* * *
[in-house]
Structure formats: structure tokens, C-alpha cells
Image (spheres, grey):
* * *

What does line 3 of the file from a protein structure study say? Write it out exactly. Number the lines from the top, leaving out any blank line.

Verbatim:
Image (spheres, grey):